Pride and Prejudice by Jane Austen
Since its immediate success in 1813, Pride and Prejudice has remained one of the most popular novels in the English language. Jane Austen called this brilliant work “her own darling child” and its vivacious heroine, Elizabeth Bennet, “as delightful a creature as ever appeared in print.” The romantic clash between the opinionated Elizabeth and her proud beau, Mr. Darcy, is a splendid performance of civilized sparring. And Jane Austen’s radiant wit sparkles as her characters dance a delicate quadrille of flirtation and intrigue, making this book the most superb comedy of manners of Regency England.
My husband, Manuel, is back with another review:
Pride and Prejudice is written by Jane Austen. It is a story about a young girl who’s on the cusp of womanhood, but already possesses some qualities of the latter. While the characteristics of the former do rear their heads in many situations early on in the book. The main character, Elizabeth Bennett, is a rather intelligent, observant, judgemental, and all together good-natured young woman. While she was raised with four other sisters, she primarily was her father’s personal favorite daughter.
Mr. Bennett was the one whom, begrudgingly, acquainted his daughters to one Mr. Bingley and his dearest friend, Mr. Darcy. They couldn’t have been more polar opposites, as Mr. Bingley was very much social and whole-heartedly agreeable upon meeting him; meeting Mr. Darcy was an exercise in pulling teeth out. Prideful and most certainly contemptuous toward both his own high society and the protocols therein. So when Darcy first met Elizabeth, naturally it wasn’t love at first sight, so much as hate at first sigh.
As the story weaves through many other dramas in both, dealing with one’s past and the promises made for them by others, Elizabeth finds herself hanging onto dear life and soul and principle while she navigates the intricacies of her mind and heart. Luckily with Jane Austen, this is done to a masterful level of presenting characters within an organic and consistent setting, all the while continuing to supply an ample amount of banter and memorable repartes that at times had me shouting “WTF!”.
I really enjoyed a lot of the dialogue that appears here and there. Though most of it amounts to ‘filler’ for me. She writes with such repetitious emotional overtures, that I often found myself exhausted after having read a single paragraph. I do yield to the fact that I’m not too much of an emotional person, and I see them as illogical necessities. So a story that both presents them in action and dialogue, isn’t quite my cup of tea.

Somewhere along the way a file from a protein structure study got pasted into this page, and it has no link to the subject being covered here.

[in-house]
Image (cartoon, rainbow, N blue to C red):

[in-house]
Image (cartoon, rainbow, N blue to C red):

That said, when the dialogue hits the jackpot with me, it slathers on the pain or joy with wild abandon. The way she meticulously articulates emotions and rationalizations is something I’ve never seen done in my life. While Jane Eyre by Charlotte Bronte is the more academic and rigid intellectual, Pride and Prejudice by Jane Austen is the rebel know-it-all in the class that puts her feet up and doesn’t even wind up in detention.
The way Elizabeth goes over with a fine tooth comb to almost everything in her life is very easily going to cause her to overthink many situations. While I myself do this in real life, I don’t wish to experience this in my fantasy world of make-believe. It can certainly lend itself to far more out of breath and completely wrong conclusions. And yet, in an effort to have a semblance of control, she gives it up to her analytical mind. Almost like feeding a voracious animal. Out of habit.
So I loved when they first met, as it really does go that way at parties for introverted people. And people who lack social skills. I also thoroughly enjoy their final walk toward the end of the book. The whole run-down that they do helps in so many ways. Especially when it comes to one’s lack of memory. Though to be honest much of this book is memorable. Even if some of the couples you read about are meaningless in my humble opinion.
In the end, this book certainly had its powerful female lead, it’s bouts of funny, and a great way to pass the time. I whole-heartedly recommend it to anyone into time period pieces, or romance, or classics. Though it’s not my favorite book of all time, it is most certainly deserving of all it’s praise. I miss darling Elizabeth already.